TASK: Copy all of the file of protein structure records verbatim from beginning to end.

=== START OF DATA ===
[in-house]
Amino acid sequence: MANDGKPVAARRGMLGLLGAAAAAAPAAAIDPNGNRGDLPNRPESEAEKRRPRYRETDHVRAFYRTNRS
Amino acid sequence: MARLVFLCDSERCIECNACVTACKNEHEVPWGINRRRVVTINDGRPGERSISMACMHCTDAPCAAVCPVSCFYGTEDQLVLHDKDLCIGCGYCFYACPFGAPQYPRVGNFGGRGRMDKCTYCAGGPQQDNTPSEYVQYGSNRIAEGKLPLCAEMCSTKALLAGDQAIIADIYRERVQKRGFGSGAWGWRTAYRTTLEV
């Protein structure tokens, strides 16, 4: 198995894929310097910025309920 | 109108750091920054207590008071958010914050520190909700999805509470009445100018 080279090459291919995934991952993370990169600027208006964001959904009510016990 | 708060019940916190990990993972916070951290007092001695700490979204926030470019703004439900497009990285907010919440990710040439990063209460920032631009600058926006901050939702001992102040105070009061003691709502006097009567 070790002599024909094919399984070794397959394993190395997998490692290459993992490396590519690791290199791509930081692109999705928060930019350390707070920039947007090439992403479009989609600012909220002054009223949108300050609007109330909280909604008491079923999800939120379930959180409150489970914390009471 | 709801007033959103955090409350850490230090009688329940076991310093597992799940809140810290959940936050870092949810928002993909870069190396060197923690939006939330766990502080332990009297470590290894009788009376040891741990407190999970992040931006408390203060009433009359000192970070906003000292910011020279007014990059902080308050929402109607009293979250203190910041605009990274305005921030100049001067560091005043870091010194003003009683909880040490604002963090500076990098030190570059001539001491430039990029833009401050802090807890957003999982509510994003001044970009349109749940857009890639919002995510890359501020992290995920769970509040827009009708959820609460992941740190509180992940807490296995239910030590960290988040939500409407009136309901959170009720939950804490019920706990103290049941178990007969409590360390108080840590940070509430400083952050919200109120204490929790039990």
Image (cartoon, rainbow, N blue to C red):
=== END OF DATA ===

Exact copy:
[in-house]
Amino acid sequence: MANDGKPVAARRGMLGLLGAAAAAAPAAAIDPNGNRGDLPNRPESEAEKRRPRYRETDHVRAFYRTNRS
Amino acid sequence: MARLVFLCDSERCIECNACVTACKNEHEVPWGINRRRVVTINDGRPGERSISMACMHCTDAPCAAVCPVSCFYGTEDQLVLHDKDLCIGCGYCFYACPFGAPQYPRVGNFGGRGRMDKCTYCAGGPQQDNTPSEYVQYGSNRIAEGKLPLCAEMCSTKALLAGDQAIIADIYRERVQKRGFGSGAWGWRTAYRTTLEV
């Protein structure tokens, strides 16, 4: 198995894929310097910025309920 | 109108750091920054207590008071958010914050520190909700999805509470009445100018 080279090459291919995934991952993370990169600027208006964001959904009510016990 | 708060019940916190990990993972916070951290007092001695700490979204926030470019703004439900497009990285907010919440990710040439990063209460920032631009600058926006901050939702001992102040105070009061003691709502006097009567 070790002599024909094919399984070794397959394993190395997998490692290459993992490396590519690791290199791509930081692109999705928060930019350390707070920039947007090439992403479009989609600012909220002054009223949108300050609007109330909280909604008491079923999800939120379930959180409150489970914390009471 | 709801007033959103955090409350850490230090009688329940076991310093597992799940809140810290959940936050870092949810928002993909870069190396060197923690939006939330766990502080332990009297470590290894009788009376040891741990407190999970992040931006408390203060009433009359000192970070906003000292910011020279007014990059902080308050929402109607009293979250203190910041605009990274305005921030100049001067560091005043870091010194003003009683909880040490604002963090500076990098030190570059001539001491430039990029833009401050802090807890957003999982509510994003001044970009349109749940857009890639919002995510890359501020992290995920769970509040827009009708959820609460992941740190509180992940807490296995239910030590960290988040939500409407009136309901959170009720939950804490019920706990103290049941178990007969409590360390108080840590940070509430400083952050919200109120204490929790039990």
Image (cartoon, rainbow, N blue to C red):